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How Do the Huxtables, Our Favorite TV Family, Compare to the Average U.S. Family?

The Huxtables are America’s favorite TV family, according to a YouGov poll published this week. If you don’t know who the Huxtables are, you might be in one of the 3.3 percent of U.S. homes without a TV or you might just be young — their NBC sitcom, “The Cosby Show,” filmed its last episode in 1992.


But “The Cosby Show” wasn’t popular only in the U.S.; academics have noted that “its international acceptance remains a virtual mystery.” I was among the enthusiastic foreigners; growing up in the U.K., I would diligently tune in every week. The Huxtables were unquestionably entertaining, but I couldn’t tell whether they were a realistic representation of family life in a country I had never visited.

The Huxtables were a sprawling bunch. Sometimes, grandparents would visit the main characters’ Brooklyn brownstone, and sometimes grandchildren or cousins stopped by. But the core of the family consisted of parents Cliff and Clair, and their five children. That’s uncharacteristically big in this decade. According to the 2011 American Community Survey, the average size of a family household is 3.34 people.

If we only look at households with married couples, family size shrinks slightly, to 3.28 people (all of the parents are married in the most-loved TV families, or at least the families YouGov asked about). That’s an important number, because 1 in 5 U.S. households are married couples with children.

“Modern Family” is a slightly more tricky show to compare, because the main characters are in three distinct but related families. We’ve broken them out below:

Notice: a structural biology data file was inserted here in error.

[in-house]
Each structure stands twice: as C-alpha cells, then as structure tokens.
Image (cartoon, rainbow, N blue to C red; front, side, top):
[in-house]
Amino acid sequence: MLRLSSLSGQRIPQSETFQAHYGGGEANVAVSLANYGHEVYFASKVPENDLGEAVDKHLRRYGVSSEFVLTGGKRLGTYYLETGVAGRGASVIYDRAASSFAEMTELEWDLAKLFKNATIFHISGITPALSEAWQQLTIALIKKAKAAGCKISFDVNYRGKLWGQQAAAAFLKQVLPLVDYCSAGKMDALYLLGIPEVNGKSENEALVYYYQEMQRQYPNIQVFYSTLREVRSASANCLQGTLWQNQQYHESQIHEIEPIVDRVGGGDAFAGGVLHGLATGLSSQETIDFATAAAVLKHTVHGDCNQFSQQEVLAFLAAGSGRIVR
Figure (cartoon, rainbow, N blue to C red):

Adoption and stepchildren

Neither Cliff nor Clair Huxtable became stepparents when they got married, which makes them different from Carol and Mike Brady (each of whom had three children from a previous marriage) and the Pritchett-Delgados in “Modern Family” (Jay Pritchett is a stepfather). According to the 2010 census, of the 88.8 million children in American households, 4.7 percent are stepchildren.

In “Modern Family,” Mitchell Pritchett and Cameron Tucker adopted their daughter, Lily Pritchett-Tucker, a decision that reflects the 2.3 percent of children in American households who are adopted. Almost 250,000 of those adopted children, like Lily, were adopted internationally — 124,000 were adopted from Asia (Lily was born in Vietnam), 61,000 from Europe and 49,000 from Latin America.

Although they didn’t have any stepchildren, the Huxtables did have a step-granddaughter, Olivia Kendall.


Whether you’re of the opinion that “The Cosby Show” helped to break stereotypes or that it failed to improve race relations, the show has an important place in American culture — so much so that some analysts have said that President Obama’s election was aided by the “Huxtable effect.”

So far, we haven’t taken race into account. The Huxtables were African-American, so that affects how they compare to the statistics today. Of the 8.7 million African American family households, only 3.8 million include a married couple, according to the American Community Survey. Cliff was an ob/gyn and Clair was a lawyer, which makes them even less common, according to the Bureau of Labor Statistics. Just 6.4 percent of U.S. physicians and 4.2 percent of lawyers were African American in 2013.

But that was partly the intention. Families like the Cosbys might have been in the minority, but they did and do represent an under-represented part of American demography: the black middle class. Quoting criticism of the show, Oprah Winfrey asked Phylicia Rashad, the actress who played Clair, “How is it realistic to have a doctor and a lawyer in the same house?” Rashad answered: “I grew up in Houston, Texas, in Third Ward, and it was very realistic. … I guess it just depends on who you know and what you know.”

Mona Chalabi is data editor at the Guardian US, and a columnist at New York Magazine. She was previously a lead news writer for FiveThirtyEight.